On November 20, 2014, MHS filed a Motion to Dismiss the Complaint, and on December 1, 2014, PHS also filed a Motion to Dismiss. (Doc. Nos. 8, 12.) After Plaintiff failed to timely respond to Defendants' Motions to Dismiss, this Court ordered Plaintiff to respond by February 11, 2015. (Doc. No. 17.) On January 22, 2015, Plaintiff filed the Response to both Motions. (Doc. No. 18.)


To survive a motion to dismiss under Federal Rule of Civil Procedure 12(b)(6), a lawsuit must state a plausible claim. Ashcroft v. Iqbal, 556 U.S. 662, 679 (2009) (citing Bell Atl. Corp. v. Twombly, 550 U.S. 544, 556, (2007)). "A claim has facial plausibility when the plaintiff pleads factual content that allows the court to draw the reasonable inference that the defendant is liable for the misconduct alleged." Id. "Threadbare recitals of the elements of a cause of action, supported by mere conclusory statements do not suffice" to defeat a Rule 12(b)(6) motion to dismiss. Id. at 663. Applying this principle, the Third Circuit explained in Malleus v. George that the inquiry requires that a district court: "(1) identify[] the elements of the claim, (2) review[] the complaint to strike conclusory allegations, and then (3) look[] at the well-pleaded components of the complaint and evaluate whether all of the elements identified in part one of the inquiry are sufficiently alleged." 641 F.3d 560, 563 (3d Cir. 2011) (quoting Iqbal, 556 U.S. at 675, 679).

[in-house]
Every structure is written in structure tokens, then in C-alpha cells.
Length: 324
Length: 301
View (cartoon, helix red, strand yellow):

A complaint must do more than allege a plaintiff's entitlement to relief, it must "show" such an entitlement with its facts. Fowler v. UPMC Shadyside, 578 F.3d 203, 210-11 (citing Phillips v. Cnty. of Allegheny, 515 F.3d 224, 234-35 (3d Cir. 2008)). "[W]here the well-pleaded facts do not permit the court to infer more than the mere possibility of misconduct, the complaint has alleged-but it has not shown'-that the pleader is entitled to relief.'" Iqbal, 556 U.S. at 679. The "plausibility" determination is a "context-specific task that requires the reviewing court to draw on its judicial experience and common sense." Id.

Where, as here, the complaint is filed pro se, the court must "read a pro se plaintiff's allegations liberally and apply a less stringent standard to the pleading of a pro se plaintiff than to a complaint drafted by counsel." McGrath v. Johnson, 67 F.Supp.2d 499, 505 (E.D. Pa. 1999). Nevertheless, even pro se ...